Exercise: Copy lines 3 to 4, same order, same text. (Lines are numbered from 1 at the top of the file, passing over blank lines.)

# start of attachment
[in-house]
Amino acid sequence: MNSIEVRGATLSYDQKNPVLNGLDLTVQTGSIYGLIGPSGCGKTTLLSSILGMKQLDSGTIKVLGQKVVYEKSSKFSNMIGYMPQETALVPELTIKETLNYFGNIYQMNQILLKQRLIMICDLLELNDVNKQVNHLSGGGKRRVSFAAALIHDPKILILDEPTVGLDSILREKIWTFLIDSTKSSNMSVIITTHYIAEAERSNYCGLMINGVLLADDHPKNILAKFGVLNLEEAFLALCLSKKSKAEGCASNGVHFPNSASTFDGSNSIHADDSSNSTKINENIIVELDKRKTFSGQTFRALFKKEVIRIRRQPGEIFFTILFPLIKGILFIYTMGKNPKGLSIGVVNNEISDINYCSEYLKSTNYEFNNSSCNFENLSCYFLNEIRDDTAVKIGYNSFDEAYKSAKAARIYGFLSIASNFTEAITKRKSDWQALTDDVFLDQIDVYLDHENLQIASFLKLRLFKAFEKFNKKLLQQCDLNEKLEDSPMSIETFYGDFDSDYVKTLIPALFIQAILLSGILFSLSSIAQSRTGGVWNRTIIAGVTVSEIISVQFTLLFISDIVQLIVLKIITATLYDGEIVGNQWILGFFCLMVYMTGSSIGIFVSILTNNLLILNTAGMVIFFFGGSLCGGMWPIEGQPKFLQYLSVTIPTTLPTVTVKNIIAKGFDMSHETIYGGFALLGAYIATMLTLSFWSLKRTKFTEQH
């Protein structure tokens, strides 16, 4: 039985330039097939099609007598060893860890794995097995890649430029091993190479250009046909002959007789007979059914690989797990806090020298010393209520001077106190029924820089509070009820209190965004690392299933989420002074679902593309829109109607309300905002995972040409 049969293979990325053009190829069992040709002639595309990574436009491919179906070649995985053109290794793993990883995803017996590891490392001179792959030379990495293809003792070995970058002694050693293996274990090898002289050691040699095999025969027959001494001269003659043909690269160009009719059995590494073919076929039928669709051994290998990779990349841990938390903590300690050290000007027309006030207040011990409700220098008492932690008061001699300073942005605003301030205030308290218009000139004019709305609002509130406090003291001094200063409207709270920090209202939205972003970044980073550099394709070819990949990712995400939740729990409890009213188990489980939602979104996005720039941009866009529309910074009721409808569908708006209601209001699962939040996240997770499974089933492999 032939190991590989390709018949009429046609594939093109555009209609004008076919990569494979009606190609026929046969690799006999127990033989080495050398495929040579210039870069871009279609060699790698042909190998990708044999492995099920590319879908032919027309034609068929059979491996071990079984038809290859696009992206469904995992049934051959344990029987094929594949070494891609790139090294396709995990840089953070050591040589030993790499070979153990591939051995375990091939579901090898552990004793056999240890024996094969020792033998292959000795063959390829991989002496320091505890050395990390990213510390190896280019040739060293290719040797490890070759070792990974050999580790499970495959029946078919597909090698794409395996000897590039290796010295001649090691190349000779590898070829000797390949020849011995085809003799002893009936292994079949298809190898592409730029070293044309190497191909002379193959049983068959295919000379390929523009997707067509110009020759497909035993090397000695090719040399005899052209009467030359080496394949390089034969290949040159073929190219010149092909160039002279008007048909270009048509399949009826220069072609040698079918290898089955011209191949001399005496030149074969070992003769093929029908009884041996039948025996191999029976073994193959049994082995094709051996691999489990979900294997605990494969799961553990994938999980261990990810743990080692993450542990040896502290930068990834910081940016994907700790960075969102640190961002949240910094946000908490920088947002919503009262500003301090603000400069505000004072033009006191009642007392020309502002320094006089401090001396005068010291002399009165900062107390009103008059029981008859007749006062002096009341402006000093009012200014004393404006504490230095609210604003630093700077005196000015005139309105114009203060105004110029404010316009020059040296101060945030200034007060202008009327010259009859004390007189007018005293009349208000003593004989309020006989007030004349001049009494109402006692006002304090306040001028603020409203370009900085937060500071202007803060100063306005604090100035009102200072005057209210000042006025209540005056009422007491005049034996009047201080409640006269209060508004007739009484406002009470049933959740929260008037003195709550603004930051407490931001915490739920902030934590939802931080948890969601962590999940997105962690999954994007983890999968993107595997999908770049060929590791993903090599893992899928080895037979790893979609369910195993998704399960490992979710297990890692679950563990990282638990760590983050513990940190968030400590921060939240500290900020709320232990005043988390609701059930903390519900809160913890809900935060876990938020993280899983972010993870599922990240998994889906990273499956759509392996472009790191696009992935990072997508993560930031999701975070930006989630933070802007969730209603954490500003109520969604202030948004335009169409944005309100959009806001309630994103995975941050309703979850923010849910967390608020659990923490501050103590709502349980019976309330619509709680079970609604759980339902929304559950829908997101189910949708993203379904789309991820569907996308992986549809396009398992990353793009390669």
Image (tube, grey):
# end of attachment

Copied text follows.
């Protein structure tokens, strides 16, 4: 039985330039097939099609007598060893860890794995097995890649430029091993190479250009046909002959007789007979059914690989797990806090020298010393209520001077106190029924820089509070009820209190965004690392299933989420002074679902593309829109109607309300905002995972040409 049969293979990325053009190829069992040709002639595309990574436009491919179906070649995985053109290794793993990883995803017996590891490392001179792959030379990495293809003792070995970058002694050693293996274990090898002289050691040699095999025969027959001494001269003659043909690269160009009719059995590494073919076929039928669709051994290998990779990349841990938390903590300690050290000007027309006030207040011990409700220098008492932690008061001699300073942005605003301030205030308290218009000139004019709305609002509130406090003291001094200063409207709270920090209202939205972003970044980073550099394709070819990949990712995400939740729990409890009213188990489980939602979104996005720039941009866009529309910074009721409808569908708006209601209001699962939040996240997770499974089933492999 032939190991590989390709018949009429046609594939093109555009209609004008076919990569494979009606190609026929046969690799006999127990033989080495050398495929040579210039870069871009279609060699790698042909190998990708044999492995099920590319879908032919027309034609068929059979491996071990079984038809290859696009992206469904995992049934051959344990029987094929594949070494891609790139090294396709995990840089953070050591040589030993790499070979153990591939051995375990091939579901090898552990004793056999240890024996094969020792033998292959000795063959390829991989002496320091505890050395990390990213510390190896280019040739060293290719040797490890070759070792990974050999580790499970495959029946078919597909090698794409395996000897590039290796010295001649090691190349000779590898070829000797390949020849011995085809003799002893009936292994079949298809190898592409730029070293044309190497191909002379193959049983068959295919000379390929523009997707067509110009020759497909035993090397000695090719040399005899052209009467030359080496394949390089034969290949040159073929190219010149092909160039002279008007048909270009048509399949009826220069072609040698079918290898089955011209191949001399005496030149074969070992003769093929029908009884041996039948025996191999029976073994193959049994082995094709051996691999489990979900294997605990494969799961553990994938999980261990990810743990080692993450542990040896502290930068990834910081940016994907700790960075969102640190961002949240910094946000908490920088947002919503009262500003301090603000400069505000004072033009006191009642007392020309502002320094006089401090001396005068010291002399009165900062107390009103008059029981008859007749006062002096009341402006000093009012200014004393404006504490230095609210604003630093700077005196000015005139309105114009203060105004110029404010316009020059040296101060945030200034007060202008009327010259009859004390007189007018005293009349208000003593004989309020006989007030004349001049009494109402006692006002304090306040001028603020409203370009900085937060500071202007803060100063306005604090100035009102200072005057209210000042006025209540005056009422007491005049034996009047201080409640006269209060508004007739009484406002009470049933959740929260008037003195709550603004930051407490931001915490739920902030934590939802931080948890969601962590999940997105962690999954994007983890999968993107595997999908770049060929590791993903090599893992899928080895037979790893979609369910195993998704399960490992979710297990890692679950563990990282638990760590983050513990940190968030400590921060939240500290900020709320232990005043988390609701059930903390519900809160913890809900935060876990938020993280899983972010993870599922990240998994889906990273499956759509392996472009790191696009992935990072997508993560930031999701975070930006989630933070802007969730209603954490500003109520969604202030948004335009169409944005309100959009806001309630994103995975941050309703979850923010849910967390608020659990923490501050103590709502349980019976309330619509709680079970609604759980339902929304559950829908997101189910949708993203379904789309991820569907996308992986549809396009398992990353793009390669």
Image (tube, grey):